My Rating: 3.5/5 Stars
Dear Martin by Nic Stone
The story of a young man’s wrongful arrest and his attempts to process his new awareness to the everyday racism he encounters.
Dear Martin by Nic Stone is about race relations and a young high-schooler starting a social experiment of writing to Dr. Martin Luther King, Jr. and thinking about what he would do if he were in his shoes. The book won the William C. Morris Debut YA Award.
When Justyce McAllister hears that his ex-girlfriend is drunk and attempting to drive herself home, he hurries over to help. A patrolling cop who witnesses the scene believes Justyce is trying to carjack her and arrests him. Though he is soon cleared of charges, the events of that night have Justyce reeling and thinking about what it means to be black in America. He decides, while in jail, to start writing letters to Dr. Martin Luther King, Jr. in an attempt to organize his thoughts and to come up with solutions to the everyday racism he experiences.
The novel follows Justyce through his days in high school, his growing feelings for his debate partner, a white (Jewish) girl, and his struggles accepting his best friend Manny’s friend group, who might be a bit racist.
This book is a heavy-hitter, given current events. Deeply embedded in the story are thoughts and feelings about racism in America, activism, and the struggles of a young black man who feels like he’ll always be thought of as other or less than.
Stone wrote this book in response to her own reactions to and thoughts about the current climate of race in America as it pertains to the numerous deaths of young black men at the hands of white cops. The book’s discussion of race and equality, continually tied back to Dr. Martin Luther King, Jr.’s own discussions about race, is thought-provoking and resonant. I’m sure many teenagers will relate easily to Justyce, who is a hard-working high-school student struggling with acts of racism, both big and small.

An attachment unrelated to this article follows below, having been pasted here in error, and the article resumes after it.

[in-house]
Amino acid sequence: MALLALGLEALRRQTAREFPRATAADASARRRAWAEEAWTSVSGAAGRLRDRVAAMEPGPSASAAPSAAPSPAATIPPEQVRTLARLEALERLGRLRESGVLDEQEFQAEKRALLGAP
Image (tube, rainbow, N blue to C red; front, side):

What I wish was covered is racism as pertaining to black women, who often bear the brunt of abuse and dismissal at the hands of others. The black women in the book are only minor characters and often don’t end up part of the discussion when talking about race. Though the book is told from Justyce’s eyes, in his new awareness of racism, and in discussions about race in his sociology class at school, black women are never brought up. This is the one area I wish the book would have delved into and felt it needed to make it truly whole.
Literary Value: 3/5
This book was decently written. The one thing that made it a bit funky for me was that often Stone would break from traditional dialogue and go into a transcript-like exchange, with the character’s name and a colon followed by their spoken words. It read a bit like a script and I understood why she would choose to use it in debate settings like during Jus’s classes, but sometimes it would pop up just randomly, like when an argument starts. It was weird and, I felt, unnecessary.